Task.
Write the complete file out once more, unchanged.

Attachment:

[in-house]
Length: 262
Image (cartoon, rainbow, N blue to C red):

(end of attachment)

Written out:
[in-house]
Length: 262
Image (cartoon, rainbow, N blue to C red):